Originally published: https://medyanews.net/we-can-never-forget-palestine/

Sarah Glynn, herself an anti-Zionist Jew, discusses the relevance of Gaza to the Kurdish struggle. She states that the Palestinians of Gaza are undergoing a genocide. Israel’s attack on Gaza will have a major international impact, as well as a direct effect on the power balance in the Middle East, Glynn says. Both Palestinians and Kurds suffer oppression under occupation, and the oppressors attempt to undermine a historic solidarity between the oppressed, the columnist warns, while celebrating the success of the Kurdish Freedom Movement as a model of peaceful coexistence in the fractured multi-ethnic region.

11 March 2024 | Medya News

There is little that can be said about Palestine that has not already been said. There are no words left to describe the horror of the images daily streamed from Gaza, the brutality of the Israeli government that is inflicting this horror, and the depraved callousness of the international politicians who are enabling it. We are living through an epoch-changing moment, but I want to talk here about its specific relevance to the Kurds and the Kurdish struggle, and why no Kurd can ever forget Palestine. Some of these reasons are universal ones, others are specifically Kurdish.

The first reason is a simple one. The Palestinians of Gaza are undergoing a genocide, and nothing can ever justify that – not morally, and not legally either. This genocide is being committed brazenly in the full view of the whole world and with the complicity of international governments; only the biggest of mass mobilisations can stop it.

Second, the impact of what is happening in Palestine will be of huge global importance. It raises vital questions about the nature and feasibility of international law, and feeds into the changing balance of world power. The repeated exposure of Western, and especially American, hypocrisy will have international implications.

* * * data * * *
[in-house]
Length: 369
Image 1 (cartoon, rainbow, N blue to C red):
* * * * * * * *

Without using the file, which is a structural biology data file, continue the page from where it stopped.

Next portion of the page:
Third, more specifically, Israel’s attack on Gaza is having a direct effect on the balance of forces in the Middle East. What is happening in Palestine impacts every part of Kurdistan. In North and East Syria, Kurds fighting ISIS have a tactical alliance with the United States (an uncomfortable position to be in) and both have come under fire from pro-Iranian militias under the banner of the Axis of Resistance. In Turkey, Recep Tayyip Erdoğan is trying to present himself as the leading defender of the Palestinians (even while still trading with Israel and enabling the passage of over 40% of Israel’s oil supplies that come from Azerbaijan). In Iraq, America’s support for Israel is putting US forces under increasing pressure to leave the country. And in Iran, the regime is using Gaza to strengthen their position on the international stage, and to present themselves as on the right side of history. All this is in addition to the serious danger of the fighting spreading to other parts of the Middle East.

Fourth, both Palestinians and Kurds suffer oppression from occupying powers, and they have historically show solidarity with each other’s struggles. Turkey and Israel share a similar colonial and ruthless approach to the main ‘other’ ethnic group over which they attempt to maintain control. Both deny basic rights and freedoms, including the right of self-determination. Both are quick to brand any-and-all resistance as ‘terrorism’, and to use this to justify brutal suppression. Both have no qualms about extending their classification of terrorists to include a whole population, and subjecting that population to collective punishment, including the destruction of homes and displacement of long-established communities. Both carry out aggressive invasions under the pretence of defence. Statements put out by Presidents Erdoğan and Netanyahu are almost interchangeable, if you just swap “Kurds” with “Palestinians”.